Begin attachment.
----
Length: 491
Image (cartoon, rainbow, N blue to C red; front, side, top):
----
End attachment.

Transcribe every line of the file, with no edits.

Length: 491
Image (cartoon, rainbow, N blue to C red; front, side, top):